Raising money from VCs is an important step in the company building process. It marks the beginning of a long-term relationship that can last longer than a decade. In my experience investing in and advising countless founders, company building is not rainbows, unicorns and lollipops. Startups are filled with adversity, challenge and struggle. That’s why it’s critical to find the right investors who are going to support you when times are good and have your back when the shit hits the fan. It likely will at some point on your journey.
Fundraising should be viewed as a two-way dialogue. Each side should interview the other. While I understand and appreciate the desire and pressure to quickly raise and get back to work, taking enough time to really get to know your partners is a good investment of time and effort. This goes for both sides. If the VC you’re meeting with doesn’t want to spend the time or directly answer your questions, that should be a telling sign. Going into any long-term partnership with eyes wide open is just a smart strategy. Remember, all relationships are complicated. The healthiest ones are built on shared values, open communication and mutual respect. That’s why it’s worth spending the time upfront and understanding who your investors are before they write the check.
So how do you cut through the VCs sales pitch and really get to know the investors during the fundraising process? It starts with asking thoughtful and targeted questions. Be curious. Your objective throughout the process shouldn’t be to interrogate and incriminate but rather to find the right fit and long-term partner(s) for your business. Go for a walk with them. Grab a meal or a coffee. Really get to know them.
If you’re unsure what to ask or what is in bounds, you’re in luck! I’ve created a fairly exhaustive questionnaire that you can reference while you’re on the fundraising trail. Most of the questions are relevant if you’re talking to an institutional VC while some might not be if you’re talking with angels. Know your audience. I recommend doing some research and trying to answer as many as you can before the meeting so you can focus on the most important ones. You won’t have much time so choose carefully.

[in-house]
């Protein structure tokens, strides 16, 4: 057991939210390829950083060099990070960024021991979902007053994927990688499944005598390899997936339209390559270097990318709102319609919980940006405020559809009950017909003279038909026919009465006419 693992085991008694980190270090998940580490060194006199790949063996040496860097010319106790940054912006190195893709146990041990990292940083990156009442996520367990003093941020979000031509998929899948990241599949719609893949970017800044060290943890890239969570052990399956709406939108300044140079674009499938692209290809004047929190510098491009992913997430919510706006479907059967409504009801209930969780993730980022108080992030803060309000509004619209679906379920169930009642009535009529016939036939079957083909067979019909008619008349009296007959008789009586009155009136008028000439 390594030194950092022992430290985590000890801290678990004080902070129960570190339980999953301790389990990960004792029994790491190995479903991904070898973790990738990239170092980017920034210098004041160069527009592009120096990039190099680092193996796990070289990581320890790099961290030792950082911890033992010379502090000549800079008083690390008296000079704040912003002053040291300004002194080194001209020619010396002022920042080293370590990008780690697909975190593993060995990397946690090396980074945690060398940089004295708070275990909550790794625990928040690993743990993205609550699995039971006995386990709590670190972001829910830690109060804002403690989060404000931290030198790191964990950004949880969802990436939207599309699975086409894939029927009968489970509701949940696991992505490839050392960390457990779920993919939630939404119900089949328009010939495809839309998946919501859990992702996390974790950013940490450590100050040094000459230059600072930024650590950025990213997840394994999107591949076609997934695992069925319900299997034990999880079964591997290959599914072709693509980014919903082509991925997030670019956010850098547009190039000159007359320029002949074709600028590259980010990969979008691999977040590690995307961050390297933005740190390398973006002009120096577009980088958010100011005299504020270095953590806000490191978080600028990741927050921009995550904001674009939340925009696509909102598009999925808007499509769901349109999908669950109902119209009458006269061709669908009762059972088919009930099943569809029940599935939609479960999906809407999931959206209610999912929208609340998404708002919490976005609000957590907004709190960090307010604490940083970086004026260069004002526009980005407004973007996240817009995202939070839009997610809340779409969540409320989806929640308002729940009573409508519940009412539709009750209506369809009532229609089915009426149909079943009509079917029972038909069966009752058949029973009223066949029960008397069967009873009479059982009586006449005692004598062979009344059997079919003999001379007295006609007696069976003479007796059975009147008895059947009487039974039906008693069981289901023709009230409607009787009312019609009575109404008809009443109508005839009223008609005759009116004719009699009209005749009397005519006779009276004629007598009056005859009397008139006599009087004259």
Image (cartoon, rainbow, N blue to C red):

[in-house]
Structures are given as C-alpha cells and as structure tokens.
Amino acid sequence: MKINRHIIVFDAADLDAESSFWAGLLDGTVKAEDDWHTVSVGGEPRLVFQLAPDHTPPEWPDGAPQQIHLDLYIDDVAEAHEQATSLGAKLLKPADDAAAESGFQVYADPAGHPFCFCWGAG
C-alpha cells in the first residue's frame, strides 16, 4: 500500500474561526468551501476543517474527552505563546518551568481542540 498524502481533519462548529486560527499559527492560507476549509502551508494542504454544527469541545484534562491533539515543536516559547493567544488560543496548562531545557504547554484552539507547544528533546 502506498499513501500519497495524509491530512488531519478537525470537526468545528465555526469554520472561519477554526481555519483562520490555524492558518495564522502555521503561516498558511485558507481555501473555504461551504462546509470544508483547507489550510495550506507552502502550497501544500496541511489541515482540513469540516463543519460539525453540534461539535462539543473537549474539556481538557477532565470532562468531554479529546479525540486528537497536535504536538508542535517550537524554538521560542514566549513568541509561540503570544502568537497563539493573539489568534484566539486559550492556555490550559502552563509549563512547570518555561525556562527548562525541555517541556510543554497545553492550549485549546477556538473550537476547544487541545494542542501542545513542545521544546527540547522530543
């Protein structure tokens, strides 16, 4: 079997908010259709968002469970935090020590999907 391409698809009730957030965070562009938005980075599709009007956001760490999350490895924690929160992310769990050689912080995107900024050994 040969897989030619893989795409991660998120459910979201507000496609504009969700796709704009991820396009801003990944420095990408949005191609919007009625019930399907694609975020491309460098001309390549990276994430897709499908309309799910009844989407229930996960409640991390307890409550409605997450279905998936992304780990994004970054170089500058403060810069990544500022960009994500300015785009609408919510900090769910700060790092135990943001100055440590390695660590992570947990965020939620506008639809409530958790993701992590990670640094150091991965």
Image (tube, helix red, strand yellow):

I hope you find this to be a useful resource before or while you’re on the fundraising trail. Remember, don’t settle or rush the process even if you have ample options. Having the right investor, who is not only a good fit but also will have your back, can be a difference maker. Godspeed!
The Juicy Ones
What makes you uncomfortable about our company? What do you like?
Who in your partnership is going to push back? What are they going to say?
How do we fit your investment thesis and / or align with your worldview?
On a scale from 1–10, how good do you feel about our company right now? Why?
Where are your blind spots with respect to our opportunity?
Can you name a time you stood up for your company in the face of opposition from your partners or other investors?
How have you / the firm handled companies that have underperformed relative to expectations? Can you share some examples?
How would your founders describe you when you weren’t in the room?
Do you engage or disengage when things get difficult?
How do you handle the pressure?
About The Fund
Can you tell me a bit more about Acme Capital and your current fund?
How many partners do you have? Are they generalists or sector-specific experts?
What is your ideal stage?
What is your average check size and do you reserve for follow-on investments?
Do you lead and take board seats?
How does your firm define a “core” investment? Would we fit into that camp?
What are your return expectations?
How large is your current fund and how many more investments do you have left to make?
How does the firm think about bridge rounds or extensions?
Do you have any category or geographic limitations?
What are the last three investments your firm closed and what got you and the partnership excited?
Who are some of your favorite and frequent co-investors?
How can the firm help us build the syndicate for our next round?
The Partner / Investor
What experience or perspectives do you have that are relevant to our company?
What’s your superpower?
What are your core values?
Why did you become an investor?
How many board are you on? How much time do you have for each company on a monthly basis?
Have you ever fired a CEO? What happened?
How long does it take for us to schedule a meeting and / or get on a call?
Do you believe in the partner or the platform?
How would your founders describe you?
What’s your style (hands-on, data-driven, etc.)
What are two or three examples of how you’ve added value to your portfolio in the last month?
Are you running point or will someone else take the baton?
Can you describe your investment process in detail?
Do you have the authority to lead investments or do you work with a partner?
How does the firm make decisions?
How will I know where I am in the process?
On average, how long does the process take from first meeting to close?
What are some lessons you’ve learned from your portfolio that you could apply to our company?
Which companies in your portfolio could we learn from?
Who in founders or operators in your portfolio would be good for us to know?
Do you have any conflicting or tangential companies?
How do you think you could help us?
What’s the firm’s philosophy and strategy on support?
How have you supported companies like ours?
Do I get you and/or the firm? Can you explain?
How do you work with your companies?
Schlaf | Conscious & Compassionate Change
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